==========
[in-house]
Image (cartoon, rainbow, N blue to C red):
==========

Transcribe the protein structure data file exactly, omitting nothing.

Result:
[in-house]
Image (cartoon, rainbow, N blue to C red):